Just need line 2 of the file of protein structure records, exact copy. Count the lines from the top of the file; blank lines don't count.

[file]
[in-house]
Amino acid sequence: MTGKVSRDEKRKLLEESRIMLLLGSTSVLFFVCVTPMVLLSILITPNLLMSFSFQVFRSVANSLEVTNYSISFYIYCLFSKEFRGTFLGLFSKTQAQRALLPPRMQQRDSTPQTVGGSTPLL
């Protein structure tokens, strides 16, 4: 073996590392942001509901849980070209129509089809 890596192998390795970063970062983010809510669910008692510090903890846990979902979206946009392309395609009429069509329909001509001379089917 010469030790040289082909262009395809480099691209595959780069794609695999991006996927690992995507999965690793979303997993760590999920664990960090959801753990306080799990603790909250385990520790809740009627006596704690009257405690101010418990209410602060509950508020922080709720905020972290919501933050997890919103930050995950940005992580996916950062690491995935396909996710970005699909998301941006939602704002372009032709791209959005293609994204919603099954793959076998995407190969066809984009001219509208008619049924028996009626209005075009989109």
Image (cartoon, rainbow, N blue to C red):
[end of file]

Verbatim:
Amino acid sequence: MTGKVSRDEKRKLLEESRIMLLLGSTSVLFFVCVTPMVLLSILITPNLLMSFSFQVFRSVANSLEVTNYSISFYIYCLFSKEFRGTFLGLFSKTQAQRALLPPRMQQRDSTPQTVGGSTPLL